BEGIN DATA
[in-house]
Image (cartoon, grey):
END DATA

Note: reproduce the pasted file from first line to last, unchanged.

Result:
[in-house]
Image (cartoon, grey):